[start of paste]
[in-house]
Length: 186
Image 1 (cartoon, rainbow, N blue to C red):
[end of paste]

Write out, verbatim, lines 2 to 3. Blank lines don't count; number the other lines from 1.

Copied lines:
Length: 186
Image 1 (cartoon, rainbow, N blue to C red):